Building and Validating a CertPath without a CRL

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Building and Validating a CertPath without a CRL

Erik Tews
Hi

I would like to build a CertPath without having a CRL from the CA.

There is a little problem in PKIXCertPathValidatorSpi line 781:

boolean tmpTest;

A boolean is false in java, unless assigned true.

The only line (872) where this could be set to true is never reached if
revocation is not enabled.

So, the test in line 999 is always true:

if (!tmpTest)
{
    throw new CertPathValidatorException("no valid CRL found", null,
certPath, index );
}

And I always get such an exception.

Is it possible/legal to do a PathValidation without having a up2date
CRL?

What is the best/fastest way to run a modified bc-provider, which is not
signed by sun?


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Re: Building and Validating a CertPath without a CRL

David Hook-4

Call PKIXParameters.setRevocationEnabled(false) before trying to
validate the CertPath. In this case line 999 will never be tested.

If PKIXParameters.isRevocationEnabled() returns true then you must have
a valid CRL to validate the CertPath - this is what both the setting and
testing of the tmpTest value is about.

Regards,

David

PS. Sun don't sign the provider. We do.

On Sun, 2005-08-21 at 06:32 +0200, Erik Tews wrote:

> Hi
>
> I would like to build a CertPath without having a CRL from the CA.
>
> There is a little problem in PKIXCertPathValidatorSpi line 781:
>
> boolean tmpTest;
>
> A boolean is false in java, unless assigned true.
>
> The only line (872) where this could be set to true is never reached if
> revocation is not enabled.
>
> So, the test in line 999 is always true:
>
> if (!tmpTest)
> {
>     throw new CertPathValidatorException("no valid CRL found", null,
> certPath, index );
> }
>
> And I always get such an exception.
>
> Is it possible/legal to do a PathValidation without having a up2date
> CRL?
>
> What is the best/fastest way to run a modified bc-provider, which is not
> signed by sun?
>
>


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Re: Building and Validating a CertPath without a CRL

Erik Tews
Am Sonntag, den 21.08.2005, 21:44 +1000 schrieb David Hook:
> Call PKIXParameters.setRevocationEnabled(false) before trying to
> validate the CertPath. In this case line 999 will never be tested.
>
> If PKIXParameters.isRevocationEnabled() returns true then you must have
> a valid CRL to validate the CertPath - this is what both the setting and
> testing of the tmpTest value is about.

Thanks.

Is there a way to make crl-validation optional? I am looking for
something like:

If there is a valid crl in the certstore, which revokes a cert in the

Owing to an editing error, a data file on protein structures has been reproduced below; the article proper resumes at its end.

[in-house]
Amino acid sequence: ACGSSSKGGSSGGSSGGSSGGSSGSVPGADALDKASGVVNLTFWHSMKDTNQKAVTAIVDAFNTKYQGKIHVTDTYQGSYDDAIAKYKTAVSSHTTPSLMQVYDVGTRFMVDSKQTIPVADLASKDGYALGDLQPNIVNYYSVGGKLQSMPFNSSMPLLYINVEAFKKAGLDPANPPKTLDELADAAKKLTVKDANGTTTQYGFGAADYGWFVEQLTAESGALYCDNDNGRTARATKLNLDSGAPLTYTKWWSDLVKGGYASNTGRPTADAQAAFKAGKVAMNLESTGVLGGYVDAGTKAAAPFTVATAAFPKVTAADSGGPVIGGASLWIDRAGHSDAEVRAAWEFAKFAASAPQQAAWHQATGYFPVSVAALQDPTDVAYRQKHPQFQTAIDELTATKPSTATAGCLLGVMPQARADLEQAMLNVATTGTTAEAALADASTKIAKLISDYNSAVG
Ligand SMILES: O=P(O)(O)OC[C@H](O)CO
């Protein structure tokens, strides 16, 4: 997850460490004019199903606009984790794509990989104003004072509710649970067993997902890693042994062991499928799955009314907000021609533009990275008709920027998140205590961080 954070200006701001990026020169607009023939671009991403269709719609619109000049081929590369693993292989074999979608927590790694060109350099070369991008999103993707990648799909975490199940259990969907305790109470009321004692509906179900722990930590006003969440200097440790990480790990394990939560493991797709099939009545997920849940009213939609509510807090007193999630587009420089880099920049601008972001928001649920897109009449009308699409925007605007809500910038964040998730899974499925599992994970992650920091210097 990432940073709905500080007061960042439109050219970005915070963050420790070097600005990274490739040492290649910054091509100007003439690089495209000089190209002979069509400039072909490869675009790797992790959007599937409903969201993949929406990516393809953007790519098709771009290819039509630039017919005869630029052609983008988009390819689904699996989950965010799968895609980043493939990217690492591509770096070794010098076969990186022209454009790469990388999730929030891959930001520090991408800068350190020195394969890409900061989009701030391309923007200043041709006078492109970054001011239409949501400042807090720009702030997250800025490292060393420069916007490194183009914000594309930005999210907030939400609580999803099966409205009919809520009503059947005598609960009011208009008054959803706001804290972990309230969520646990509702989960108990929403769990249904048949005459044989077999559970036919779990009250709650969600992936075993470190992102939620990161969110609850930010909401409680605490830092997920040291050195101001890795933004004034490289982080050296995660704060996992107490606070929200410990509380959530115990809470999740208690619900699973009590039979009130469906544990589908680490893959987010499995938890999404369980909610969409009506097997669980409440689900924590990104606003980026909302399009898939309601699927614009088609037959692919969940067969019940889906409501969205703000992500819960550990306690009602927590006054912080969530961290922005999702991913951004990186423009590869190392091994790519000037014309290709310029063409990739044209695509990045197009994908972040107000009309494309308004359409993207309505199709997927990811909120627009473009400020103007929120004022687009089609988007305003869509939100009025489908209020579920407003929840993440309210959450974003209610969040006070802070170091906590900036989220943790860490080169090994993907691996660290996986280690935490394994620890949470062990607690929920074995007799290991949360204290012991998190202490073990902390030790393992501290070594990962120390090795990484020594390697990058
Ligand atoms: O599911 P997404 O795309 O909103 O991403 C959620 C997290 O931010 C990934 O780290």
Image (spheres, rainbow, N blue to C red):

path, validation should fail, otherwise it should succeed, even if there
is no crl in the certstore for the ca.

Or are there strong reasons not to do this?


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Re: Building and Validating a CertPath without a CRL

David Hook-4

You'd need to set this up outside the path validator.

The PKIX profile doesn't allow for this, this may seem a bit annoying
but if you think about it further it makes sense, the idea is that at
the end of the path validation process you should be able to make a
value judgement that is free of ambiguity about the status of the
CertPath and how it was validated. A CA which will revoke certificates
should make an empty list available if they haven't revoked any - this
isn't an area to be vague about - if there is a chance the cert may have
been revoked there should have a valid CRL, if there isn't one and the
cert might be revoked it means there is a problem.

Regards,

David.

On Sun, 2005-08-21 at 14:19 +0200, Erik Tews wrote:

> Am Sonntag, den 21.08.2005, 21:44 +1000 schrieb David Hook:
> > Call PKIXParameters.setRevocationEnabled(false) before trying to
> > validate the CertPath. In this case line 999 will never be tested.
> >
> > If PKIXParameters.isRevocationEnabled() returns true then you must have
> > a valid CRL to validate the CertPath - this is what both the setting and
> > testing of the tmpTest value is about.
>
> Thanks.
>
> Is there a way to make crl-validation optional? I am looking for
> something like:
>
> If there is a valid crl in the certstore, which revokes a cert in the
> path, validation should fail, otherwise it should succeed, even if there
> is no crl in the certstore for the ca.
>
> Or are there strong reasons not to do this?
>
>